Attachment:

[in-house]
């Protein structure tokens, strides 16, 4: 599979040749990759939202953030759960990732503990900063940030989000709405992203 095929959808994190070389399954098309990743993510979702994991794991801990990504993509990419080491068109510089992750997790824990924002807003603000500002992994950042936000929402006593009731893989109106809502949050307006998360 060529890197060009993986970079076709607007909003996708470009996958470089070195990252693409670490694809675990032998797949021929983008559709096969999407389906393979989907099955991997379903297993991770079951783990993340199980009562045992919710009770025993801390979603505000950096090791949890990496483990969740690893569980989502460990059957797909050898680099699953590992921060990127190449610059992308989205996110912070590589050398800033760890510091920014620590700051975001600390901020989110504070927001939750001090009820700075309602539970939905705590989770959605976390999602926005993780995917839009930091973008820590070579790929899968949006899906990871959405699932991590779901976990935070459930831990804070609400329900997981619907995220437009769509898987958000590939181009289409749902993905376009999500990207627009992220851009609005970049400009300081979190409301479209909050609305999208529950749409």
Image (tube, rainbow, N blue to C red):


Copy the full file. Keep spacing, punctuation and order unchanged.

[in-house]
């Protein structure tokens, strides 16, 4: 599979040749990759939202953030759960990732503990900063940030989000709405992203 095929959808994190070389399954098309990743993510979702994991794991801990990504993509990419080491068109510089992750997790824990924002807003603000500002992994950042936000929402006593009731893989109106809502949050307006998360 060529890197060009993986970079076709607007909003996708470009996958470089070195990252693409670490694809675990032998797949021929983008559709096969999407389906393979989907099955991997379903297993991770079951783990993340199980009562045992919710009770025993801390979603505000950096090791949890990496483990969740690893569980989502460990059957797909050898680099699953590992921060990127190449610059992308989205996110912070590589050398800033760890510091920014620590700051975001600390901020989110504070927001939750001090009820700075309602539970939905705590989770959605976390999602926005993780995917839009930091973008820590070579790929899968949006899906990871959405699932991590779901976990935070459930831990804070609400329900997981619907995220437009769509898987958000590939181009289409749902993905376009999500990207627009992220851009609005970049400009300081979190409301479209909050609305999208529950749409």
Image (tube, rainbow, N blue to C red):